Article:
It took two hours and thirteen minutes to travel the 13 miles from the Barnstable bus stand to Sagamore Bridge, the definitive point between “on Cape” and “off.” I took a front seat, looking over the bus driver’s shoulder at the road ahead, as we pulled onto Route 6, flying for those first few miles. Then, a long line of brake lights lit up like a Christmas strand. The Sagamore Bridge, where peregrine falcons considered nesting amidst its metalwork last year, is under construction. The pair was spotted only once this year before they fled, surely, from the noise and construction, the men hoisted into the heavens by cranes and lifts, bringing blowtorches and making human thunder. Bridges have always fascinated me, the engineering feat of building such structures that can stand for decades of dedicated use, letting us leap over water, canyons and gullies.
I’ve been equally fascinated by the human ability to plan things either poorly or well. The plan to not start construction on the bridge until early spring and finish by Memorial Day, including working during the peak On-Off Cape traffic times, falls distinctly in the latter category. Maybe they’re on schedule, but summer—like the herring and the ticks and the flower buds—came early to the Cape this year, along with the traffic. They surely waited to avoid bad winter weather, but there was none. The season went by without a single big dose of winter-like weather, not one isolating snowstorm to dig out of, or anything else that would have indicated we’re up at 41 degrees north latitude. The barren trees and an occasional biting wind had to suffice.
Now, the leaves have leafed out, a feast for the rapacious, invasive winter moths that munch upon them in this new environment where the cute little buggers lack natural predators. But you can’t spot the damage as we zoom down the highway, or even as we, all too soon, slow to a stop in the snarl, stuck between SUVs and kayak-topped Subarus and bike-besotted sedans. There was fleeting news recently of renewing rail service to the Cape. An intriguing concept, but not a new one. 140 years ago, the Old Colony Railroad traveled from Boston all the way to Provincetown. The reports on the radio said the service would have paid for itself immediately, but nevertheless was rejected by the authority in charge. It’s a time of austerity, was the thinking, and it would seem extravagant to extend service. Brilliant. And so we sit, among all those who have few other options.
The bus driver does his best. He tells us riddles and radios back and forth with other drivers, sharing information, and trying alternate routes, each one leading to a clogged artery, traffic always moving, but by the inch. An hour into our journey, not ten miles from home, I take a nap. I awake refreshed many minutes later, three-quarters of a mile down the road.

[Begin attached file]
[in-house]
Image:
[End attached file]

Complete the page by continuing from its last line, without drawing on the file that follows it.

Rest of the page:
The weather is luscious. The sun shines from a brilliant blue sky, with white clouds so high up they seem a dream, but our air quality is abysmal according to the American Lung Association’s State of the Air Report 2012. The report gave picturesque Martha’s Vineyard an F. Barnstable got a D. This traffic can’t help the ozone, but mostly the blame is cast on coal-fired power plants in Ohio, the ones that killed nearby Hathaway’s Pond two generations ago when the water became transparent—lifeless from acidity. I kayaked Hathaway’s last month, and happily saw fish dodging about in the murky shadows below and a pair of red tails soaring overhead in courtship. As we limp down Route 6, the mega wind turbine next to the highway is at a standstill, and most of the Cape seems pitched against the idea of Cape Wind, which could produce 420 MW of power, providing three-quarters of the Cape’s electricity needs. Trains. Wind turbines. It sometimes seems like some of these issues around transportation and energy were better sorted out 150 years ago.
Finally, we approach the Sagamore Bridge, like a Holy Grail of escape, and I can see the officers in orange vests standing as useless sentinels, but there is another bit of action. Standing by the side of the highway, a dozen protestors are gathered with their signs calling for the closing of the Pilgrim nuclear power plant, 15 miles up the road. The only nuclear power plant in Massachusetts, its license is set to expire this year but will likely be renewed. Even if closed, there’s no plan for the spent fuel rods that remain onsite, waiting expectantly for a safe place to go or means of disposing them. The Cape Cod Times reported that all the fuel ever used at the plant is contained in more than 3,000 12-foot-tall rods. They are stored in a small blue pool of water that was designed to hold 880 spent fuel rods when Pilgrim first came online 40 years ago.
Should anything ever go amiss, the Cape is downwind and this bridge we’re attempting to cross along with one other that’s just as small are the only means off Cape, unless one takes to the water.
Protestors hold a banner, “Pilgrim-Fukushima: Same Design, Same Danger.” (The woman across the aisle from me asks, “What’s Fukushima?”)
Two men are dressed in radioactive suits. One holds a sign:
“How’s that evacuation route working for you?”